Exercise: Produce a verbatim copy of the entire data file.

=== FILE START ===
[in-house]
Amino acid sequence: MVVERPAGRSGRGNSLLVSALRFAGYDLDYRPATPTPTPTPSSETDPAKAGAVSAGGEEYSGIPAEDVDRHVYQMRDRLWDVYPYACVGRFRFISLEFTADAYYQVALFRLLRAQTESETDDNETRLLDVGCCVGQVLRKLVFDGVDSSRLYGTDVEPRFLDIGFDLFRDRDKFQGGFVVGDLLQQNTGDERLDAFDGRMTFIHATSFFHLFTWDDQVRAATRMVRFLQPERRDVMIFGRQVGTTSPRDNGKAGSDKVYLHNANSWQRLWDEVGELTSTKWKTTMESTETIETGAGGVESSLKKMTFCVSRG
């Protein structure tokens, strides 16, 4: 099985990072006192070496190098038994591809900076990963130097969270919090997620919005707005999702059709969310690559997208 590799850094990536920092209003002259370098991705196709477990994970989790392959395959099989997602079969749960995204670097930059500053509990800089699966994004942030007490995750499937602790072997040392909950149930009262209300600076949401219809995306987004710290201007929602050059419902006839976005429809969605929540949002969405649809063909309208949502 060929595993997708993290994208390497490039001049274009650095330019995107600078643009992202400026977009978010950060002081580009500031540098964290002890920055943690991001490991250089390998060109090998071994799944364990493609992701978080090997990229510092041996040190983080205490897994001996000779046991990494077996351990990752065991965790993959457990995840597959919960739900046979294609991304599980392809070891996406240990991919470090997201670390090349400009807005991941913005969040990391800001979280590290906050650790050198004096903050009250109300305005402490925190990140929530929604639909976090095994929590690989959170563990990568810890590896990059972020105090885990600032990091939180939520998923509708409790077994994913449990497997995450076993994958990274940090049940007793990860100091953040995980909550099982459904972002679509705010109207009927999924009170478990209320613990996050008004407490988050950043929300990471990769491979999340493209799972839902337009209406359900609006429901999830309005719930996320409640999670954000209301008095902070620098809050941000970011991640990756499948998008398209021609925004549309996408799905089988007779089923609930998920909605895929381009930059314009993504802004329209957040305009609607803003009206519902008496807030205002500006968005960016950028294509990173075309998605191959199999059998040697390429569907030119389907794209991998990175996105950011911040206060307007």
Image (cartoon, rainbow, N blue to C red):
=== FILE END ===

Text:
[in-house]
Amino acid sequence: MVVERPAGRSGRGNSLLVSALRFAGYDLDYRPATPTPTPTPSSETDPAKAGAVSAGGEEYSGIPAEDVDRHVYQMRDRLWDVYPYACVGRFRFISLEFTADAYYQVALFRLLRAQTESETDDNETRLLDVGCCVGQVLRKLVFDGVDSSRLYGTDVEPRFLDIGFDLFRDRDKFQGGFVVGDLLQQNTGDERLDAFDGRMTFIHATSFFHLFTWDDQVRAATRMVRFLQPERRDVMIFGRQVGTTSPRDNGKAGSDKVYLHNANSWQRLWDEVGELTSTKWKTTMESTETIETGAGGVESSLKKMTFCVSRG
């Protein structure tokens, strides 16, 4: 099985990072006192070496190098038994591809900076990963130097969270919090997620919005707005999702059709969310690559997208 590799850094990536920092209003002259370098991705196709477990994970989790392959395959099989997602079969749960995204670097930059500053509990800089699966994004942030007490995750499937602790072997040392909950149930009262209300600076949401219809995306987004710290201007929602050059419902006839976005429809969605929540949002969405649809063909309208949502 060929595993997708993290994208390497490039001049274009650095330019995107600078643009992202400026977009978010950060002081580009500031540098964290002890920055943690991001490991250089390998060109090998071994799944364990493609992701978080090997990229510092041996040190983080205490897994001996000779046991990494077996351990990752065991965790993959457990995840597959919960739900046979294609991304599980392809070891996406240990991919470090997201670390090349400009807005991941913005969040990391800001979280590290906050650790050198004096903050009250109300305005402490925190990140929530929604639909976090095994929590690989959170563990990568810890590896990059972020105090885990600032990091939180939520998923509708409790077994994913449990497997995450076993994958990274940090049940007793990860100091953040995980909550099982459904972002679509705010109207009927999924009170478990209320613990996050008004407490988050950043929300990471990769491979999340493209799972839902337009209406359900609006429901999830309005719930996320409640999670954000209301008095902070620098809050941000970011991640990756499948998008398209021609925004549309996408799905089988007779089923609930998920909605895929381009930059314009993504802004329209957040305009609607803003009206519902008496807030205002500006968005960016950028294509990173075309998605191959199999059998040697390429569907030119389907794209991998990175996105950011911040206060307007």
Image (cartoon, rainbow, N blue to C red):